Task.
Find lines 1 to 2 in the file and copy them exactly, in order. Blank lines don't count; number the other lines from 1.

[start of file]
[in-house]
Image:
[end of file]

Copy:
[in-house]
Image: